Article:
Preindustrial Societies

Nor do simple societies offer counterexamples. No empirically corroborated cases are known of Amazon societies in which all (or even a majority) of fighters were female (Goldstein, 2001, pp. 11-19). Some archeological evidence suggests that early Iron Age nomadic women of the Eurasian steppes rode horses, may have used weapons, and may even have had some political influence, though probably not dominance. But excavated graves yielded war-related artifacts for about 90% of men and only 15-20% of women (Davis-Kimball, 1997, p. 47). Little evidence exists for purported Amazon societies in ancient Greece or South America.

Among contemporary preindustrial societies, both the very war prone and the relatively peaceful ones share a gender division in war, with men as the primary (and usually exclusive) fighters. For example, although gender relations on Vanatinai island (where war is rare) are radically more egalitarian than those among the war-centered Sambia, one commonality is war fighting—a male occupation. In many present-day gathering-hunting and agrarian societies, special gender taboos apply to weapons, and special practices focus on men's roles as warriors. Sometimes war and hunting are the only two spheres of social life to exclude women.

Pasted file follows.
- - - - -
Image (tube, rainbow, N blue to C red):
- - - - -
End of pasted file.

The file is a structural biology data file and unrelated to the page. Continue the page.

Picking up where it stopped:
Modern nonpacified preindustrial societies are not generally peaceful. Ember and Ember find that over half of a sample of 90 societies were in a constant state of war or readiness for war, and half of the remaining societies fought every year during a particular season (C. R. Ember & Ember, 1997; M. Ember & Ember, 1994). In only eight societies did wars occur less frequently than once in 10 years on average. Of 31 gathering-hunting societies surveyed in another study, 20 typically had warfare more than once every 2 years, and only three had "no or rare warfare" (C. R. Ember, 1978, p. 444). Nonstate societies have as much warfare as states do. Relatively peaceful societies can become warlike and vice versa, as the !Kung have done. Among the very few actual peaceful societies, the common factor is physical isolation from their neighbors (Goldstein, 2001, pp. 22-34).

Thus neither gender roles in war, nor warfare itself, result from agriculture, the state, or any particular historical stage. They have deep roots in the human experience.

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